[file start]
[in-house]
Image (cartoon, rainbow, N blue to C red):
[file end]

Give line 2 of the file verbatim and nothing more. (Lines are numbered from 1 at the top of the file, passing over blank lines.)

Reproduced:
Image (cartoon, rainbow, N blue to C red):